Drama films

Bergman Island Review – Baltic Yarrow by Mia Hansen-Løve | Drama movies

A The director (Vicky Krieps), in a relationship with an older filmmaker (Tim Roth), spends time in a creative retreat on the island of Faro in the Baltic Sea, famous home and workplace of Ingmar Bergman. There, she develops an idea about a young woman (played by Mia Wasikowska, in a seductive film in the film), also a filmmaker, visiting Faro for a wedding and reconnecting with her former lover (Anders Danielsen Lie).

Factor in the autobiographical element – Bergman Island‘s writer-director Mia Hansen-Løve was herself in a relationship with older filmmaker Olivier Assayas – and the story begins to feel like a refractive prism in its overlapping of character and creator. In Hansen-Løve’s hands, it’s a delicate millefeuille, layering story on story, character on character, until it’s hard to separate them.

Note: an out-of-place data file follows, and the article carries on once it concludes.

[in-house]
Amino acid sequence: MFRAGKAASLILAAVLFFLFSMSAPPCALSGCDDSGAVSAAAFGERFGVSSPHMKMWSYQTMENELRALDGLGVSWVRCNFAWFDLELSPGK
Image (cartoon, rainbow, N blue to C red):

Krieps’ character, Chris, approaches storytelling in a curious and engaging way; it questions and explores. It seems likely that Hansen-Løve is going the same way: Bergman Island has a languid, meandering pace and a plot ruled by chance encounters and discoveries.

The score, a delicate motif crafted from the unlikely combination of harp, recorders and bagpipes, captures the slightly unconventional beauty of the island. But it’s a place that Chris chafes at: “All this calm and perfection, I find it oppressive. Likewise, she is disappointed by what she learns from Bergman himself. With the “Bergman Safari” and its competitive filmmakers personally claiming the big man’s work, Hansen-Løve gently mocks the reverence for an authoritative author and instead allows his wives to drive the story.